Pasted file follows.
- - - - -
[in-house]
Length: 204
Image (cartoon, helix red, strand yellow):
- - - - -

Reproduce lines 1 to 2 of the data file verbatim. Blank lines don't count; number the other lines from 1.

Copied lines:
[in-house]
Length: 204